and 2 can slink around pretending he’s french.


Dear God,
I’m not sure I believe in you,
But #2 is feeling bad today.
He thinks you’re out there and you’re great.
But he can’t tell the difference between something small
tearing apart and the sound of something large in the distance
moving far off.

So this is my brother, #2
standing here like we’re in church.
Sometimes when we’re quiet like this
I think we’re all the family we’ve got.

Myers is the author of seven volumes of poetry and five other works about poetry including the reference work The Longman Dictionary of Poetic Terms and the anthology New American Poets.

His work has been widely anthologized and has appeared in hundreds of literary journals, from Esquire and The Nation to Poetry and The American Poetry Review. His book of poems, As Long As You’re Happy, was a National Poetry Series selection.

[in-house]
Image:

He served on the Board of Directors of the Dallas literary center, The Writer’s Garret, and was a past Vice-President of the Associated Writing Programs.

Jack Myers

More on Walt, and Benny Too!

June 2, 2009

I  believe my last post was really inadequate for Walt Whitman’s birthday. I was clearly too preoccupied with my own struggles as a teacher finishing up the year to really do service to this important date. Whitman is my hero; Whitman is the voice of contemporary American poetry. This is not to downplay the importance of, say, his contemporary Emily Dickinson who has also shaped American poetry in profound ways. But Whitman embodies the democratic voice, the inclusive, egalitarian voice that I believe American and its poetry strive for. Here is a section of his classic (to my mind his most important) poem, “Song of Myself”: